Stephen O’Malley (solo)
7:00PM @ Scruffy City Hall
As the rain picked up outside, we retreated to the doom metal cave that Stephen O’Malley was creating inside Scruffy City Hall. With his signature clear guitar and spread of effects pedals, O’Malley performed haunting pieces that had as much to say over their sparse buildups as they did in their abrasive peaks. His pieces went through slowly evolving phases, each one just subtly distinct enough to create a hypnotic yet accelerating soundscape.
8:30PM @ Scruffy City Hall
Colin Stetson is a one-man powerhouse. It’s hard to listen to his records and imagine what it might look like live, especially knowing that Stetson doesn’t use looping at all. In person, he is a force of nature, alternating between three different saxophones and thrusting his entire physical being into the performance, rippling muscles and all. Just seeing the title track of his new record (New History Warfare Vol. 3: To See More Light) was definitely a festival highlight and I think we all have huge crushes on him.
9:30PM @ Bijou Theater
You can’t talk about Body/Head without focusing on its most famous element: Kim Gordon, the mother of all things noise rock and founding member of Sonic Youth. Since her split with Thurston Moore ended Sonic Youth, Gordon has kept busy with her experimental guitar duo with Bill Nace. I had the opportunity to see Body/Head back in September at the MCA in Chicago, and this performance was pretty much exactly the same thing: Bill & Kim shredding, Kim yelping into a microphone, and a poorly executed “art-school” film playing in the background. It’s quite an experience to see Kim Gordon in person (and we did see her walking around downtown Knoxville twice!), but I’d suggest waiting for a more innovative new project.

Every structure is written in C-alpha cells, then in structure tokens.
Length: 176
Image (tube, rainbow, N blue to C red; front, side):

10:30PM @ Tennessee Theater
We piled into the Tennessee Theater, the largest and most beautiful of the venues, to catch a set from famed multi-instrumentalist John Cale, of Velvet Underground fame. Cale’s set lasted an hour and a half and consisted of the best of his glam-rock pieces spanning decades of work. While it was enjoyable to the older crowd, I think the glamour of glam rock escaped us.
12:00AM @ Bijou Theater
After a day of bopping from venue to venue in Knoxville we headed over to the Bijou to check out Tim Hecker. Exhausted but ready to go for an aural ride we settled in. Due to unfortunate acoustics or sound engineering the music was much too loud. Instead of the aural bliss we were expecting, we were cocooned in a vibrating bed of sound. Shrouded in smoke and wearing his ever-present beanie, Hecker intently worked away. That vibrating bed quickly became equal part lullabies. It was only the slow cessation of vibrations at the end of his set that pulled us out of our reverie.
Tl;dr we all fell into a lovely sleep and aren’t apologizing for it.
That’s it for our Friday recaps! Stay tuned for Saturday and Sunday for more shredding and droning and drumming.
Additional contributions from Lily Oberman, Ethan Simonoff, and Dan Sloan
Our last day in Raleigh came to a rainy close with a great mix of acts. After the jump, our thoughts on Sunn O))), Oren Ambarchi, Oneida, and more.
Additional contributions from Lily Oberman, Ethan Simonoff, and Dan Sloan
You may be wondering why WNUR, based out of Chicago, would choose to send four of its staff to Hopscotch, a music festival in Raleigh—especially in a day-and-age when everyone’s busy talking about the SXSWs and the Pitchforks of the world.
This year’s lineup has some great acts, and the scheduling of it is perfect for Northwestern’s perennially screwed-up academic calendar. The reality is it’s cheaper, it’s less crowded, and so far North Carolina’s done nothing but good by us. And it lets us do what we do best, which is talking about stuff other people don’t always talk about. After the jump, our thoughts on the first night of the festival, with GIFs!